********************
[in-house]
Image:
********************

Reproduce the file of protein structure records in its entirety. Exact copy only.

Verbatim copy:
[in-house]
Image: